Tag Archive - Stationary Camera Shots

Using Montages to Create Powerful Imagery

Now that we’ve literally covered the “distance” with a look at the stationary camera shots that are set at certain distances from the action, we’re going to explore some other stationary shots. You may recall I noted that there are two kinds of camera shots: stationary and moving. All stationary shots imply the camera is “locked” in a fixed position for that segment of shooting, whereas moving shots are just what’s implied—moving while the scene is being filmed.

Although there are numerous stationary shots we could look at, I’ve chosen a handful of ones I feel transfer over well in novels, and which are also highly useful for achieving certain desired effects. The purpose of this year-long course is to see how writers can borrow from great screenwriting technique—not in how to structure story or plot but how to visually convey their scenes in a way to supercharge their novels. Using a Montage Shot is one great way to do this. Continue Reading…

Long Shots—Too Far to Really Tell

We’ve been looking at the three basic stationary distance shots and have covered Close-Ups (Close Shots) and Full Shots (Medium Shots). Now we’re going to consider Long Shots, which have very specific and useful purposes in both films and novels.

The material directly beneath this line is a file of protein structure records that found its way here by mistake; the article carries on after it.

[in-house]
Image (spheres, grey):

Long Shots in novels are not often used. Why? Well, when you are a half mile away from something, you really can’t see all that much. But that is exactly why and when you want to use this particular shot. We looked at the use of Long Shots for Establishing Shots, but they can be used in other ways. Continue Reading…

Focusing the Camera on What Your Character Notices

While we’re looking at Full Shots (or Medium Shots), I’d like to share a great example in Leif Enger’s beautiful novel Peace like a River. Here we see eleven-year-old Reuben Land describe what happens in the bedroom he shares with his older brother, Davy. It’s late and the brothers are in bed, but trouble is brewing and has been for a while. Reuben startles at the sound of the floorboards creaking downstairs and trembles as he hears someone approaching their room. He realizes he’s waited too long to wake his brother. And then . . . Continue Reading…

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